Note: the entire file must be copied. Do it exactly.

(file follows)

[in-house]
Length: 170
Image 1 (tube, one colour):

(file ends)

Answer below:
[in-house]
Length: 170
Image 1 (tube, one colour):